Incentives, Identity, and Organizational Forms
Abstract This paper studies the optimal organizational form and the optimal type of manager by considering the nonmaterial (psychological) payoff as well as the standard material payoff for agents. I compare two organizational forms: T-form, where all agents have the same job title so that they are in a single reference group; and H-form, where one agent is appointed to be the manager and the others are subordinates who form a reference group. I show that the principal should appoint a more (less) able agent to be the manager when the effects of peer pressure are more (less) critical. In addition, I find the conditions under which H-form is more likely to be preferred to T-form. Finally, I discuss the phenomenon of the proliferation of job titles in the context of this model.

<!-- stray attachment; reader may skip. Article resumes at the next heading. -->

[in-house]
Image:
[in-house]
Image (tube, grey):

|Date of creation:||Jul 2009|
|Date of revision:||Jul 2009|
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